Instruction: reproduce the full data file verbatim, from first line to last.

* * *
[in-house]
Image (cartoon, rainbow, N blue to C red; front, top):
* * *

[in-house]
Image (cartoon, rainbow, N blue to C red; front, top):